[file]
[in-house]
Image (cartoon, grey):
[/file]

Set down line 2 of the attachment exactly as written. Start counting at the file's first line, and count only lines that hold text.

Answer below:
Image (cartoon, grey):